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Monday, August 16, 2010

Quote of the Day - 8/16/10

Monsters in movies are us, always us, one way or the other. They're us with hats on. The zombies in George Romero's movies are us. They're hungry. Monsters are us, the dangerous parts of us. The part that wants to destroy. The part of us with the reptile brain. The part of us that's vicious and cruel.
 John Carpenter

Book Review - Tales of Woe by John Reed

(The following review was originally posted by The Mike at From Midnight, With Love.  It's being reposted here because a) I'm The Mike and I say it's OK; and b) if I'm getting something sent to me to review I'm gonna at least post it on both my blogs.)

When I was contacted about doing FMWL's first book review, I had some reservations.  The book? Tales of Woe, a collection of real stories about real events.  The common theme? Suffering and sadness.  Not necessarily my thing, but I was intrigued.  I'm a horror fan who grew up with true crime stories on TV (so much so that my sister made forensics her beloved profession), and that was enough to convince me that something about this book would be entertaining to me.

From the start, I severely underestimated John Reed's collection of emotionally destructive true stories.  I was sure I could find a way to enjoy what was spelled out within the pages of the book, which appeared to me as a small hardbound edition of black pages covered in white text, with some blood red print sprinkled in for effect.  I've watched enough tales of woe take place on movie and TV screens, surely I could manage about 150 pages of sad tales and 50 pages of illustration, right?  I picked up the book figuring I could power through it over the next 2-3 hours.

I ignored the warnings on the back cover which promised "Crushing Defeats. No Happy Endings.  Abject Misery. Pointless, Endless Grief.".  Another warning stated that there would be "No lessons of temperance or moderation".  I didn't think that possible to a jaded lover of dark cinema like myself.

As I said, I severely underestimated Mr. Reed's collection.  The early stories were easy to get through - a little sad, sure - but nothing that really hit me in the gut too hard.  As I passed the 60-70 page range, I started to get a little tired of the book, but my inner tough guy figured it was just the strain of trying to read the white and read text in my poorly lit apartment.  As I passed the 100 page mark, I realized that I really did need a break.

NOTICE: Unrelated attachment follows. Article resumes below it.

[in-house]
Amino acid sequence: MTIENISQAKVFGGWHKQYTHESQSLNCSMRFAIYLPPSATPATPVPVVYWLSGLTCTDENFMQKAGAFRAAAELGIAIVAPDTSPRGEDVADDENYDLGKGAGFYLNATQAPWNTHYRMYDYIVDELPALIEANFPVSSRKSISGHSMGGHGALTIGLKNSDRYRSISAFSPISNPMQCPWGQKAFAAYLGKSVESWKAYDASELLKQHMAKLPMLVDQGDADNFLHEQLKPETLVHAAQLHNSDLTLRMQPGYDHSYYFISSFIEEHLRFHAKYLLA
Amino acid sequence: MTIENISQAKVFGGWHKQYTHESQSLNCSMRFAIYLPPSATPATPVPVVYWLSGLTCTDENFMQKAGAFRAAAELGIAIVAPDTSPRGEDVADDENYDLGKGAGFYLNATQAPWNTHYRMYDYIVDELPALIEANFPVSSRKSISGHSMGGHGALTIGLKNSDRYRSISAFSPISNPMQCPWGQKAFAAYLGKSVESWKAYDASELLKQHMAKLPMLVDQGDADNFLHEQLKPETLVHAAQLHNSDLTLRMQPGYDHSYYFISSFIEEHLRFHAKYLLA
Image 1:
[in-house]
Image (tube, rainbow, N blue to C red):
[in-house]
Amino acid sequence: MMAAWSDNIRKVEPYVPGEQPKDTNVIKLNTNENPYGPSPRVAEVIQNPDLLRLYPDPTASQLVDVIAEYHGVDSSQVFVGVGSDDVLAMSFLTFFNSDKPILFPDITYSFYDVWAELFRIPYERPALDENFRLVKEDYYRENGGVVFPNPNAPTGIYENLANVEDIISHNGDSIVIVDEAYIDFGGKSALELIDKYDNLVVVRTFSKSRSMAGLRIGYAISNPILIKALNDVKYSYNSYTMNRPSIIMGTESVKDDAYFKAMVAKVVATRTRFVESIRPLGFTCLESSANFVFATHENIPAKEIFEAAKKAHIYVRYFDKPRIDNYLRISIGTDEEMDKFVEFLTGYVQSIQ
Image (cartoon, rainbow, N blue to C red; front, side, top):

That old saying that us horror fans love to bring out warns about staring into the abyss, and that's exactly what I felt like I was doing as I read the stories collected here.  There was animal cruelty (both by and against humans), racial injustice, freak accidents, lewd sexual behavior, and more.  Some of the stories seemed too crazy to have actually happened.  Did a baboon really eat a baby's brain and then drop it from a telephone pole?  Could a female luchador really be a serial killer of epic proportions?  I wasn't quite buying into what the book was offering, but it was gazing back at me with an unflinching resolve. 

My pace slowed considerably as I continued to travel through the tragic scenes Reed and his artists painted for me.  By page 140, I gave up.  I was resigned to finish the book the next day.  In fact, I momentarily considered giving up on the book entirely.  Of course, that ended quickly, because there's no way would I slight my readers and the fine folks who offered me the chance to review this book.  But the fact that the book was getting to me enough to make me consider giving up was a scary thought.

I went on to finish the book the next evening.  There were more times when I had to put it down and shake my head in disbelief.  A late tale about a doomed mother and child had me begging the back cover was lying - that maybe there would be just one moment of divine intervention in the book.  I was completely broken down by the tales within this little black book.

The back of the book also made a claim that its purpose was Greek Catharsis, meaning that "You watch people suffer horribly, and then feel better about your own life."  In my case, it made me immediately want to partake in things I enjoy (In the interest of full disclosure, that included watching a video of my 18 month old niece, some music by Meat Loaf, and an ice cream bar).  I enjoyed these things a little more than usual, definitely, and I also found myself thinking a bit about the people in my life who I may unintentionally distance myself from at times.  I'm not sure I was left feeling better about my own life, but I was more grateful.

If that is its goal, then Tales of Woe is a depressing and harrowing success.  I'm glad that I've had the chance to experience these tales - from the silly ones (did we need so much emphasis on the evils of Sarah Palin?) to the destructive ones (I'll never look at the cupboards under my kitchen counter the same way), because they offered me something powerful and thought-provoking.  If you think you can find your way through them, John Reed's Tales of Woe will take you on a journey of suffering.  I must warn you, however.  Tread that road carefully.

(Tales of Woe is available as of August 17th from MTV Press.  Visit the official website for more information. For another take on the book, check out a review by Geof over at Enter The Man Cave!)

Comedy Corner - Steven Wright sings about Rachel

I Like It!!

Morning Music: Little Suzi

Let's all rock through Monday.  Sound good?

Artist: Tesla
Album: Mechanical Resonance